The Rhode Island Nuclear Science Center (RINSC) is located on the Narragansett Bay Campus of the University of Rhode Island. The RINSC research reactor achieved initial criticality in 1964 as a 1 MW, highly enriched uranium fueled reactor. In 1968 the facility underwent a power upgrade to 2 MW, making it one of the highest flux university reactors in the United States. In 1993, RINSC converted from high enriched uranium fuel, to an advanced design low enriched uranium core that has improved the neutron spectrum that it produces.
The reactor was constructed with the intention that it would be utilized by all of the universities in the State of Rhode Island. The oversight commission for the facility has representatives from the University of Rhode Island, Brown University, and Providence College. Historically, RINSC has been used by these universities as an analytical tool for research. Atmospheric Chemists have been using the reactor to help them determine how air pollution migrates around the world. Oceanographers are using the facility to measure trace metal levels in marine tissues and sediments. The university Physics departments have been utilizing neutron beams for studying the atomic layer of oils on substrates, as well as for using neutron scattering to look at internal stresses and defects of materials, and for neutron radiography. Over 100 graduate degrees have been awarded as a result of the reactor being located at URI.
Additionally, the facility has made an effort to bolster public perception of the nuclear energy industry by providing educational tours to schools and civic groups within, and outside the State of Rhode Island. As the state's only nuclear facility, the RINSC staff provides assistance to the State Emergency Management Agency, and to the State Radiation Control Agency on radiological health matters.
RINSC is presently working toward gaining a foothold in the biomedical industry. BNCT is an on going research project that we are attacking from various fronts. We are working in collaboration with Purdue University and Argonne National Laboratory to develop an improved neutron beam filter. Furthermore, we are working with researchers from Brown University, Roger Williams Medical Center, and the Rhode Island Cancer Council to develop a better compound for delivering the active agent that localizes the radiation that kills the cancer cells. BNCT is not the only biomedical application that RINSC is involved in. Our staff is working with a small company that is doing biomedical uptake studies with non-radioactive tracers, which can be collected and analyzed using neutron activation analysis, after the tracers have been excreted from the patient. This appears to be a promising technique for a variety of applications in the pharmaceutical and medical diagnostic industries.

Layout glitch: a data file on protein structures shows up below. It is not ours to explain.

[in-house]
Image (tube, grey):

In the near future, RINSC intends to upgrade it's maximum licensed power to 5 MW. We believe that this will enhance our ability to serve the research and education community needs of the future.
The RINSC reactor was built in 1960 and went critical in 1964. It is a 2 Mega-Watt, light water cooled, pool type reactor. For over 50 years it has provided valuable data to researchers and students. Over 100 graduate degrees have been awarded for research conducted at theRINSC. Research areas include, Physics, Engineering, Biology, and Atmospheric Chemistry.
The RINSC also serves as a center for education. Tours introduce students of all ages to the field of nuclear science and condensed matter physics. Our internship program allows undergraduate students to work with the RINSC staff to maintain and operate the reactor.